Binoculars Carl Zeiss Jena Feldstecher Vergr.=12

Magnification: 12x
Aperture (objective diameter): 24 mm
Field of view: 2.7°
Visible field of view (eyepiece FOV): 32.4°
The closest focusing distance: 7 m
Width: 17 cm
Height: 12.5 cm
Weight: 714 g
Production date: 1901.

   Along with the “civilian” 4x, 6x and 8x Feldstecher binoculars, 4 new “civil” devices were manufactured at the end of 1896: Jagdglas (optics for hunting) Vergr.= 5, Jagdglas Vergr.= 7 1/2, Feldstecher Vergr.= 10 and Feldstecher Vergr. = 12. All of them had objective diameter equal to 24 mm (this value equaled to 25 mm for the binoculars of first releases), the 25 mm eyepiece tube diameter and the 55 mm top prism cover width. The latter had curved design, the so-called “bent shoulders”, which was borrowed from D.F.95 military binoculars, manufactured in 1895. These 4 models were produced in such appearance until 1907/1908 (with an exception of the eyepieces design changes, the upper hinge disc and transition from italics to block letters). Nearly 12,000 of such binoculars were produced between 1896 and 1908.
    The brass-made prism covers of the so-called “bent shoulders” type and a central hinge, which is attached to binoculars halves with the help of screws belong to distinctive features of Feldstecher Vergr.=12 model. The civilian application of this model is also proved by the central hinge fixture’s (clamp’s) small diameter (see photo), which has a hole for a knob (included to binoculars delivery kit), with the help of which the hinge could have been finally fixed depending on the observer’s interpupillary distance. The “earlier” 4-x, 6-x, 8-x and 10-x models have the same fixture design. The interpupillary distances scale is indicated on the upper hinge disk (this scale was absent in earlier models and the disc had a flat shape). This model’s objective diameter is equal to 24 mm (the earlier model had an aperture equal to 25 mm) and 12x magnification.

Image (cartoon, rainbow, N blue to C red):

This device possesses eyepieces of the so-called "2/3" transitional design (see Hans T.Seeger. Zeiss-Feldstecher, Handfernglaser von 1894-1919, Modelle-Merkmale-Mythos, p.97). The binoculars with such eyepieces design were produced approximately from the end of 1898 to 1907 and it was peculiar exceptionally for civil models (see photo).
    The binoculars frame hinge is attached to its halves with the help of 5 screws from each side. The device has long “lugs” for a neck strap, which are attached to binoculars with the help of 2 screws. There are inscriptions “Carl Zeiss, Jena. D.R.P.” on the left prism cover. D.R.P. is an abbreviation for Deutsches Reichs Patent. There is also an inscription “Feldstecher. Vergr.=12.” – “Binoculars. Magnification=12” on the right prism cover. The inscription is encrusted in italics (since 1904 the inscription had been made in block letters against the background of Carl Zeiss Tessar photo lens schematic image).
    The binocular’s serial number is "5490" and it was produced in 1901. The continuous serial numbering of all Carl Zeiss Jena binoculars was absent at that time (it appeared only at the end of 1907); however there are some facts proving that the serial numbering was of the general type (continuous) within these 4 models with curved upper prism covers - the so-called “bent shoulders” (see Hans T.Seeger. Zeiss-Feldstecher, Handfernglaser von 1894-1919, Modelle-Merkmale-Mythos, p.141 and Production of Carl Zeiss Binoculars 1894-1908 by Thomas Antoniades).
    The binocular has survived in a very good condition; there is an engraving “London” and “Negretti & Zambra” on its front prism covers. This English company (founded in 1850) was engaged in optical devices production and sale and was an active partner of Carl Zeiss Jena.
   The "younger" model Feldstecher Vergr. = 10 is available by the following link